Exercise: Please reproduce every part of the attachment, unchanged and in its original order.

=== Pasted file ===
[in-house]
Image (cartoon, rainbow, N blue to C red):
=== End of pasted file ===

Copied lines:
[in-house]
Image (cartoon, rainbow, N blue to C red):